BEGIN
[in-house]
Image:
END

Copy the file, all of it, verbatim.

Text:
[in-house]
Image: